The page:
First Published in the Editorial Section of Double Sided Media (Plug) on June 5th 2022
You can see the original Article HERE
Evangelicals have long accused our community of having a secret plan to take over America, recruit their children, and destroy their Christian Family Values, replacing them with ambiguous yet always nefarious alternatives. This nebulous plot is never clearly stated because in keeping it vague, conservatives are able to connect our Queer Agenda with other mythical plots — such as the anti-Semitic “Deep State”, Communism, and the Satanic panic.
Recently, they’ve returned to a rather old talking point, which is to accuse us of “grooming” children through our Pride Organizations, visibility campaigns, and our efforts to give Queer children life-saving resources in public schools. Of course, the irony is lost on them that it is the Churches that have been repeatedly shown to be the real Groomers, or that imposing a particular sexuality onto children is a uniquely “straight” preoccupation.
As things heat up in our country, we’ve once again become the target in the cross-hairs, and it’s become all that much more important for us all to be visible, and to speak to power without fear. As Pride Month kicks off, I wanted to share some of my thoughts on how we can move forward, how we can speak fearlessly to the forces arrayed against us, and how we can outmaneuver our haters.
One of the things we’ve always done is to take the words of our enemies away from them. They called us Queer. Strange. Other. We took that word away from them. Increasingly, we now use it as a blanket word for our disparate community. We revel in our diversity. Where once they lumped us all together, despite our differences, now we stand united. The Queer Community; dynamic, introspective, and embracing of further intersectionality.
I don’t believe any of us have to be experts in Queer Theory, or history, or sociology in order to participate in our community’s growth. In that light, and claiming no special knowledge or expertise, I want to share with you my Queer Agenda, and explain why I feel the way I do about how we, as a community, can continue to grow and move forward.
A couple of days ago, Marjorie Taylor Greene proclaimed that: “Probably, in about four or five generations, no one will be straight anymore…” and my honest first thought was “Yes Please!” because, and, hear me out, I don’t believe in straight people. In my opinion, straightness is not a sexual orientation, it’s toxic heterosexuality. In much the same way that the Gender Revolution has illustrated the difference between someone’s gender identity and, say, toxic masculinity, I believe that straightness fails to describe the heterosexual orientation, and, instead, is nothing more than a series of imposed toxic stereotypes about heterosexuals that serves to oppress them, shame them for deviating from, and pressure them to adhere to.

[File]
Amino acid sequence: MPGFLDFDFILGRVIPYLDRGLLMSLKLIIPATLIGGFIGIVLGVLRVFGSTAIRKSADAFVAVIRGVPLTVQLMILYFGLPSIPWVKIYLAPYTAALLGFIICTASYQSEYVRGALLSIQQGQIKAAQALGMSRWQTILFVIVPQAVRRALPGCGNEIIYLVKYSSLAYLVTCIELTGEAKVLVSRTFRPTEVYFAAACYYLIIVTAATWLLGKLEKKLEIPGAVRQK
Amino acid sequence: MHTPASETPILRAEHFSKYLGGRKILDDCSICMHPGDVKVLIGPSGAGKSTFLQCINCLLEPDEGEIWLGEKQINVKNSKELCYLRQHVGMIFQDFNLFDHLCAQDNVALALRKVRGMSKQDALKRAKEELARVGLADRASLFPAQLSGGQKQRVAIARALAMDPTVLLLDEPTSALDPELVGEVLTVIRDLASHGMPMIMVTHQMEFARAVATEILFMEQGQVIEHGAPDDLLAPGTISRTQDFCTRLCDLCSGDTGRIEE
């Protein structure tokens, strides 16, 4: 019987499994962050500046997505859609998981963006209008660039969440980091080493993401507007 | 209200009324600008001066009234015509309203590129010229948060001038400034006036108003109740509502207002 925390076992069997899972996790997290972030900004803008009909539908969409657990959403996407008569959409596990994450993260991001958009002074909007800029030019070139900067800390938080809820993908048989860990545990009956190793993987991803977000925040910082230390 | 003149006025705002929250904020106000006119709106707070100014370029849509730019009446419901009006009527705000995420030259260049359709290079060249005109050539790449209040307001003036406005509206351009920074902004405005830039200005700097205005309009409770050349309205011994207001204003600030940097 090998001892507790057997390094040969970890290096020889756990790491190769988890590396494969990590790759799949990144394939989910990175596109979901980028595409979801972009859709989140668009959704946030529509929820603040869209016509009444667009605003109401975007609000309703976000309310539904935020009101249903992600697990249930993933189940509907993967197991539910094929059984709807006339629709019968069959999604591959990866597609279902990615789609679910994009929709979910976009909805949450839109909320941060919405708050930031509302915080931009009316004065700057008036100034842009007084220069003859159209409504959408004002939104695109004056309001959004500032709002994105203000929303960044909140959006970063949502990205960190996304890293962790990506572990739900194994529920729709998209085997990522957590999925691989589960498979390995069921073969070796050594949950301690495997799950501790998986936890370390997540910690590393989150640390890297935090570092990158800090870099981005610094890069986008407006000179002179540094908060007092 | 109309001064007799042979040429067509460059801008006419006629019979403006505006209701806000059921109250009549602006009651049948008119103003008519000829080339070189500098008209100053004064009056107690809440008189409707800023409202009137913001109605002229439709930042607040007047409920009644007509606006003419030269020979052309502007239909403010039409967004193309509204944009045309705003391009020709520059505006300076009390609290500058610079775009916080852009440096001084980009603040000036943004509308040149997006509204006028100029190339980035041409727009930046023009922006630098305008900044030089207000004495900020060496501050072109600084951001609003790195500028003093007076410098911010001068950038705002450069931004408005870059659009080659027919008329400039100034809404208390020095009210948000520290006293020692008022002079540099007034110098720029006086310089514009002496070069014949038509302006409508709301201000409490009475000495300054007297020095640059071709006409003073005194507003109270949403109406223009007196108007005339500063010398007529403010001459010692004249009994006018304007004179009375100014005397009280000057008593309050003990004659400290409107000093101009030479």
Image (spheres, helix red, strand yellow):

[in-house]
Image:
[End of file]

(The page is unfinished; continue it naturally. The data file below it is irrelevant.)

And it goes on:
Straightness, in my estimation, means “normative.” A standard by which to measure everything that deviates from that norm. This is reflected in the meaning of the term “Queer” which, itself, is defined as an umbrella term that represents a broad spectrum of non-normative sexual and gender identities. In my view, if we play this idea out, the idea of straightness is one we should ideologically oppose.
In the words of Dorothy Parker, “heterosexuality is not normal, it’s just common.” My Queer Agenda is to encourage the end of straightness. “Het” folks should be free to express themselves without the burden of straightness looming over their heads. Put another way, heterosexuals should dump straightness and join the Queer Community because, in my view, at the end of the day, the Queer Community is more than just a collection of “non-normative sexual and gender identities” — it’s an ideology that states there is no such thing as normative.
In a world with straightness, everything else is bent. Its very foundation is one that judges, measures, and weighs from a position of entitlement, and that oppression isn’t just directed at everyone who falls outside of its proclaimed characteristics. Countless heterosexual people suffer under the burden of its toxic paradigm. So, in a way, I hope that what Marjorie Taylor Greene fears actually comes to pass. I hope that this resonates with the “het” folk that read this, because I believe that they can shed straightness, and embrace their orientation as part of a Queer spectrum of sexual and gender identities.